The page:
Your work week is largely spent indoors; why spend the weekend the same way?

Arrange activities that take you outside of the house—like visiting friends, going to festivals, or just a walk or bike ride.

Being outdoors will energise your body and mind and will help you feel rejuvenated come Monday morning.

But Don’t Over-Exert Yourself

You may be tempted to pack in everything you want to do in one weekend, but that will only exhaust you.

While you may want to utilise all the top event planning tips in your arsenal to host a bash in your back garden, the planning, execution, and worse, the cleanup, will take up so much of your time that you won’t be able to enjoy the weekend.

Instead, if you want to have a get-together, keep it small and manageable. Don’t plan too many activities that require you to travel far. Give yourself time at home and outside, so you can feel like you have accomplished something while also feeling rested.

Balance Chores and Fun

Adult life is about finishing chores. And usually, those chores have to be done on the weekend—laundry, cooking for the next week, cleaning, dusting, and finding new ways to make money.

While you have no option but to complete these chores, don’t make them the focus of your weekend. Put on a TV show or research how to get featured on podcasts while the laundry is on.

Bring the kitchen timer to your room so you can monitor your baked goods while you read The Visible Expert.

Not all chores require your attention 100% of the time, so use those empty periods to relax.

Alternately, keep a set amount of time aside to finish all the chores at once—get the dishwasher and laundry on, while you cook—so that you have the rest of the weekend to relax.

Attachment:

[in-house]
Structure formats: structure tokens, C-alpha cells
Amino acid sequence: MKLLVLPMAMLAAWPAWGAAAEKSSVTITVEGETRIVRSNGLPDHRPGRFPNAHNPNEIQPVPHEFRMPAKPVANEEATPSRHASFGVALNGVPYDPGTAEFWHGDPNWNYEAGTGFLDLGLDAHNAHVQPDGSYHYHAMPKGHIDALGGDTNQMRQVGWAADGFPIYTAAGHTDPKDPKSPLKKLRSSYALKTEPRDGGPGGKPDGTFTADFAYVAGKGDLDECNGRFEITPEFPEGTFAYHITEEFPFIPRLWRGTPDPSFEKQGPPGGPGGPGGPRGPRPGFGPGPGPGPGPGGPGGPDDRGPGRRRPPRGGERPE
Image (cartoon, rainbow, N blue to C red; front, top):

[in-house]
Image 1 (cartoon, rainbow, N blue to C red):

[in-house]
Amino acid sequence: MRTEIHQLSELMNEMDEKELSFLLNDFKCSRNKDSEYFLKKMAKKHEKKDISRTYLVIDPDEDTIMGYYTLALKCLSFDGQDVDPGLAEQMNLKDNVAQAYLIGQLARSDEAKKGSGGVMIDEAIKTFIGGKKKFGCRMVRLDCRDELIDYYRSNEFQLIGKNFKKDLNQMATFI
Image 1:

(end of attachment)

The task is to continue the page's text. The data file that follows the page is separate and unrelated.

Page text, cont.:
It is also best to finish these chores off in the morning, so you can look forward to the rest of the day.

Don’t Leave Chores for Sunday

As we have established, chores need to be done on the weekend. But while you may be tempted to put them off till Sunday—so you can enjoy Saturday—this will only exacerbate your Monday blues.

Finish off your chores, and the tasks you don’t want to do, on Saturday, as early as you can. Leave the rest of Saturday and Sunday for entertaining and going out.

This will revitalise you on Sunday so that you can begin Monday on a spritely note.

Enjoy Time to Yourself

The weekend is meant to be enjoyable and relaxing, but most importantly it is for you to get time to yourself.

Clock off on Friday evening and don’t look at your emails or work messages on the weekend. Plan out a few activities—but not too many—so your mind is engaged but not overextended.

This will help you start Monday off on a positive note and set you up for a good week.


  • Ronita Mohan

    Content Marketer


    Ronita Mohan is a content marketer at Venngage, the online infographic template and design platform. Ronita enjoys writing about productivity, design, social media, the digital world, as well as pop culture and diversity.